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InfoQ Homepage Criticism Content on InfoQ

  • Microsoft, Dell, ASUS and Sexism

    During the Norwegian Developers Conference (NDC) last week Microsoft's regional subsidiary featured a group of dancing girls jumping around on stage to a Scooter-esque song with some rather inappropriate lyrics

  • Individual Yield

    Tony Wong, a project management blackbelt, enumerates some practical points on individual procutivity. This article wonders how well these apply to software development and contrasts his list with that of other lists.

  • ScrumBan - Evolution or Oxymoron?

    Kanban workshops, courses and conferences are springing up, and practicing Agilists are investigating what this method, adapted from Lean, offers their teams. Attractive benefits are cited, from revealing bottlenecks to happy teams experiencing more "flow". But thought leaders warn that Kanban's laid back approach is "kryptonite" to Scrum's call to resolve impediments immediately.

  • Is Leading Self-Organisation like Conducting an Orchestra?

    Traditional management models don't tell leaders how to support their Agile teams without undermining their emerging self-organisation. Allusions to musical performance and "conducting the orchestra" abound - but not all are in agreement. Is the "conductor" model a good practice or an anti-pattern? In his TED talk, conductor Itay Talman shows that it may depend on what we think a conductor does.

  • Ladies: Please, Would You Submit a Proposal?

    Although it's widely accepted that diversity leads to innovation and performance, visible leadership in the IT community often doesn't represent the diversity of the community itself. What can be done to increase diversity in the leadership of our high-tech communities? One suggestion is to actively help a more diverse group to get their talks accepted at conferences.

  • DeMarco Reflects on 40 Years of Software Engineering Evolution

    40 years after the NATO Conference on Software Engineering, Tom DeMarco paused to reflect on the discipline's evolution, wondering whether the metrics orientation he championed has distracted from the real point of computing: "transformation, creating software that changes the world." Is his earlier advice valid, though? "No", he said, in Software Engineering: An Idea Whose Time Has Come and Gone?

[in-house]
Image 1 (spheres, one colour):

• Opinion: Will the Scrum Alliance Change its Stripes?

    Recently the Scrum Alliance asked a number of user groups to sign a licensing agreement. This turned out be to a big public relations mistake in the Scrum Community. In cleaning from this mistake the Scrum Alliance issued a new policy, hired Cory Foy as Community Organizer and promised to listen to feedback in the future. Will this be succesful?

  • Scrum Alliance Asks User Group to Sign Licensing Agreement

    Today a Scrum User Group closed shop, in response to a Scrum Alliance request "to sign ... a licensing document for a logo they created for Orlando Scrum users group." Community reaction varies widely. Despite clarification from the SA's managing director, it is unclear what, if anything, this trademark application will mean for existing groups.

  • James Shore: The Decline and Fall of Agile

    James Shore has declared agile to be in decline. He cites the many teams doing 'sprints' and stand-up meetings, without adopting any of the technical practices necessary to produce high-quality software over the long-haul. In his estimation, this has led to thousands of Scrum teams doing agile so poorly that they will almost certainly fail, and possibly take the agile movement with them.

  • Martin Fowler on Avoiding Common Scrum Pitfalls

    Jacky Li of InfoQ China spoke with Martin Fowler during ThoughtWorks' AgileChina conference. In this print interview, Martin Fowler talked about Scrum certification and the future of Agile.

  • Truthfulness - an Agile Value?

    Declan Whelan wrote a thought-provoking blog citing an idea he learned from Mishkin Berteig about an (unspoken) principle behind successful Agile teams: truthfulness. The idea is simple: without individuals being honest and open, most agile practices will not work.

  • TDD Opinion: Quality Is a Function of Thought and Reflection, Not Bug Prevention

    In a recent post, Michael Feathers argues against the widely held idea that unit testing, by itself, improves code quality. Michael talks about unit testing, integration tests, TDD and Clean Room Software Development, concluding that code quality is a function of thought and reflection, not bug prevention.

  • Should the Customer Care about Agile?

    The involvement of customer in an Agile project is taken for granted, however in many situations, intentionally or unintentionally, the customer may not follow the Agile practices. An interesting discussion on the Extreme Programming group tries to decipher the situation and find possible solutions.

  • Bedtime User Stories: Cowboys and Fairytales

    In which David Longstreet claims Agile Software Development is a Fairy Tale that just tries to legitimise Cowboy development, and Geoff Slinker invites him to write a Serious Article based on Logical Arguments and Citing Sources.

  • Cockburn on Testing: Real Programmers have GUTs

    In a moment of relaxation, Alistair Cockburn had the insight that we may be quibbling over inconsequentialities: "test before" or "test after," what's important to professional programmers is Good Unit Tests. Eureka!

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